Stockton Poll: Most NJ Residents See Racism as Problem

AC JosepH Media | Stockton University

GALLOWAY — Majorities of New Jersey adults see racism as a major problem and believe police treat people of color more harshly than white people, but opinions vary widely across political, racial, and socioeconomic lines, according to a Stockton University Poll.

The poll of 721 adult New Jersey residents found that 65% see racism and racial inequality as a major problem and 24% said it is a minor problem. Seven percent do not think racism is a problem at all.

Data from Hughes Center for Public Policy, Stockton University

Regarding policing, 61% said they believe police generally treat people of color more harshly than they do white people, whereas 28% think they treat them the same, and 4% said police treat people of color less harshly than they treat white people.

A slim majority of 52% said police violence is a major problem, while 33% identified it as a minor problem and 13% said police violence is not a problem.

Paid for by Thelma Witherspoon 2020

Young people especially expressed concern about racism, with 81 percent calling it a major problem. Among those age 50 and older, 61% said it is a major problem.

However, the results showed strong divisions of opinion based on partisanship, racial background and household income levels. Democrats, Blacks, and lower-income respondents overwhelming saw racism as a major problem.

Similar differences were found when respondents rated how much of an issue they consider police violence to be. Among Democrats, 83% called it a major problem, while only 14% of Republicans think the same. Just more than half of Republicans consider police violence to be a minor problem and 17% said it is not a problem.

Eighty-six percent of Black respondents said police violence is major problem, while 44% of white respondents agreed. Three-quarters (74%) in households with less than $50,000 in income called police violence a major problem, while 45% in households making more than 100,000 think the same.

“Overall, majorities of New Jersey residents recognize racism as a serious problem,” said John Froonjian, executive director of the Hughes Center. “But as issues of policing and racism were debated in the presidential election, some partisan views hardened.”

This is especially evident on the question of how police treat people of color. While the majority of Democrats (86%) said police treat people of color more harshly than they treat white people, the majority of Republicans (56%) said people of color get the same treatment.  A majority of whites (55%) also thought people of color are treated more harshly by police, but 96% of Black respondents said so.

The Stockton Poll of New Jersey adults screened as likely voters was conducted Oct. 7-13, 2020. The poll, conducted by the William J. Hughes Center for Public Policy of Stockton University, has a margin of error of +/- 3.7 percentage points for the entire sample although it is larger for subgroups.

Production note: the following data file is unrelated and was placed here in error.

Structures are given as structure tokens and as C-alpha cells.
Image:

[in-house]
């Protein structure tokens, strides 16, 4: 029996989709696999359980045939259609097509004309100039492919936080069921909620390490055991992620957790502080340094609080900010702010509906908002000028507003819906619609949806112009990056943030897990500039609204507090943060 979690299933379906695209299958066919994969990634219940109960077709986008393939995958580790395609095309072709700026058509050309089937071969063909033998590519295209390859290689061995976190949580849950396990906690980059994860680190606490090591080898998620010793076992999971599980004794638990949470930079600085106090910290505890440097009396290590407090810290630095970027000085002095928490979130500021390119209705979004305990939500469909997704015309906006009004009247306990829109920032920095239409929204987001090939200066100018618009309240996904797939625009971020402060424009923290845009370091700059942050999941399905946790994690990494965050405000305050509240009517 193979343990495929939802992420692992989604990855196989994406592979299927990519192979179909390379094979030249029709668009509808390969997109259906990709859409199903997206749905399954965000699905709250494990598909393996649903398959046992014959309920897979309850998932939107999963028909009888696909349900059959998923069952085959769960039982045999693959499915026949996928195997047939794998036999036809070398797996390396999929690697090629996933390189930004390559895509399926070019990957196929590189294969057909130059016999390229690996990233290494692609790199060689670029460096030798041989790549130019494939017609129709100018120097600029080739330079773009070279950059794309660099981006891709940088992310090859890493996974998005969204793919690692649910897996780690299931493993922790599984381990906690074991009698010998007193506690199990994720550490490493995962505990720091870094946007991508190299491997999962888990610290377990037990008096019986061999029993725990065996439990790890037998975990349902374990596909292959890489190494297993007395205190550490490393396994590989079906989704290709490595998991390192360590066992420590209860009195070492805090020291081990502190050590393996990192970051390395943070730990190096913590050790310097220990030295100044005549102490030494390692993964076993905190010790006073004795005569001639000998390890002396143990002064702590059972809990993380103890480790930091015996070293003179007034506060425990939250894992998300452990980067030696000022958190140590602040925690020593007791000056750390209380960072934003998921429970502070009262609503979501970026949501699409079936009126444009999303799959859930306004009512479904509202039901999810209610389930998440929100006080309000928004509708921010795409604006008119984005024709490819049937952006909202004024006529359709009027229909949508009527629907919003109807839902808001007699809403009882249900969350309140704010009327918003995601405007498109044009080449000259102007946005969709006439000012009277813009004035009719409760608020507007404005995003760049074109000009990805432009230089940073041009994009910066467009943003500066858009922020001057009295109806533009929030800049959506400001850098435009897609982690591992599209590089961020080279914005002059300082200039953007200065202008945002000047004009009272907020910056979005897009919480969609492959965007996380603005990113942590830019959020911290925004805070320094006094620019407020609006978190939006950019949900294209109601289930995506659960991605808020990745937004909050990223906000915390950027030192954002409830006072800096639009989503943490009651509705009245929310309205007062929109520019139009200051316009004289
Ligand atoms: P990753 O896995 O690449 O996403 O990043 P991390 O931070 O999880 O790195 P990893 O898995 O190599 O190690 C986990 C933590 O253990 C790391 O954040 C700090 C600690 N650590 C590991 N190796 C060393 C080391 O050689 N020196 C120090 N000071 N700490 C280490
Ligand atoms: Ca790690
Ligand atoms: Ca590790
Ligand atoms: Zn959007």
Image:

Over the summer and into the fall, police violence spurred Black Lives Matter protests that sometimes turned to vandalism and looting. President Donald Trump adopted a law-and-order theme and campaigned against the protest movement. The Stockton Poll did not cite specific incidents involving police and racial minorities, such as the killing of George Floyd in Minneapolis in May, and it framed the questions generally.

Full poll results are at www.stockton.edu/hughes-center/polling.

Methodology

The poll of New Jersey adults screened as likely voters was conducted by the Stockton Polling Institute of the William J. Hughes Center for Public Policy Oct. 7-13. Live interviewers who are mostly Stockton University students called cell phones and landlines from the Stockton University campus. Opinion Services supplemented the field work by completing 250 telephone interviews. Overall, 93 percent of interviews were conducted on cell phones and 7 percent on landline phones. A total of 721 registered voters were interviewed who were screened as likely voters on criteria including self-professed intention to vote on a scale of 1 to 10, having voted in New Jersey’s 2018 election, and how closely voters are following the election. Both cell and landline samples included a mix of voter list and random digit dialing (RDD) sample. Data are weighted based on U.S. Census Bureau American Community Survey data for New Jersey on variables of age, ethnicity, education level, sex and region. The poll’s margin of error is +/- 3.7 percentage points at a 95 percent confidence level. MOE is higher for subsets.

About the Hughes Center

The William J. Hughes Center for Public Policy (www.stockton.edu/hughescenter) at Stockton University serves as a catalyst for research, analysis and innovative policy solutions on the economic, social and cultural issues facing New Jersey, and promotes the civic life of New Jersey through engagement, education and research. The center is named for the late William J. Hughes, whose distinguished career includes service in the U.S. House of Representatives, Ambassador to Panama and as a Distinguished Visiting Professor at Stockton. The Hughes Center can be found on YouTube, and can be followed on Facebook @StocktonHughesCenter, Twitter @hughescenter and Instagram @ stockton_hughes_center.

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